Assessments and exams: Know the rules and don't cheat!

Every year some students make mistakes.  They plagiarise, buy essays from the web, even write little notes that they hide and take into exams. 

The University has a term for this sort of behaviour "The Use of Unfair means".  More commonly, it is referred to as cheating.  Whether intentional or accidental, the University is very firm with any student that is found cheating.  The excuse, "I didn't know that wasn't allowed"' or "I didn't understand the rules" is simply unacceptable. 

So before you sit your exams or submit assessment work be sure to read the information below and save yourself from future disappointment.

Information for students about avoiding the use of unfair means in the assessment process

The University views the use of unfair means in the assessment process very seriously. We provide essential information on the use of unfair means here.

You should know that the University will take disciplinary action against any student found using unfair means (such as buying essays from the web, cheating in examinations, plagiarism or collusion). In
the last academic year (2017-18), the University took disciplinary action against a number of students for using unfair means, with one student expelled from the University.

You are specifically reminded about the following:

  1. Cheat websites often email students to advertise their services and you must ignore them. Essay mills often claim that Universities can’t detect anything wrong with essays bought in this way, but we can. In addition, the essay writers sometimes copy their work from existing sources so you might end up paying for an assignment which is heavily plagiarised. Sometimes the work is sub-contracted so you have little control over the work you pay to have written.
  2. You are reminded to arrive in good time for your examinations and to listen carefully to the Chief Invigilator's announcements. The Chief Invigilator is responsible for the proper conduct of examinations, including ensuring that they start and finish on time.
  3. Students found in possession of unauthorised material such as mobile phones or notes (hand or type written), during invigilated examinations, will be reported by the Invigilators and disciplinary action may be taken against the student.
  4. As far as your coursework and course materials are concerned, you must not share teaching materials outside of the University (e.g. presentations, handouts, or exam papers), as this also constitutes cheating and unfair means as set out in the University Regulations Relating to the Discipline of Students (see link below). Course materials are the intellectual property of the University of Sheffield, which means that your lecture notes and essays will also contain substantial amounts of University Intellectual Property too. Book chapters and journal articles which are provided to University of Sheffield students as part of their course are made available under copyright licences. Sharing such materials outside of the University is therefore a breach of these licences, as well as UK and international copyright law.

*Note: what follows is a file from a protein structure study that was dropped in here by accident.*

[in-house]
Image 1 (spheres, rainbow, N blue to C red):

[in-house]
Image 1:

If you need further guidance on avoiding the use of unfair means as you prepare for exams and other assessed work over the next month or so, you should seek help from your tutors or supervisor.

Please also bookmark the following University websites to help you access further relevant information:

University General Regulations Relating to Examinations

Plagiarism, Collusion and the Use of Unfair Means in Assessment.

Library Information Skills - the University Library offers tutorials and workshops to help you avoid mistakenly plagiarising in your assignments.

Copyright Hub – you are responsible for complying with copyright legislation, and are liable for any breaches in law that result from misuse of copyright material. You can find out more about UK
copyright legislation via this link, or in our Student Handbook.

ELTC Writing Advisory Service – any student (whether a native or non-native speaker of English) can make an individual appointment with the English Language Teaching Centre to discuss a piece of

University Regulations Relating to the Discipline of Students – read the full set of rules governing the
University’s discipline procedures.